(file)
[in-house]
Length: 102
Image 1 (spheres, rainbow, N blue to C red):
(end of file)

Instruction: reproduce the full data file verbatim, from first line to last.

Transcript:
[in-house]
Length: 102
Image 1 (spheres, rainbow, N blue to C red):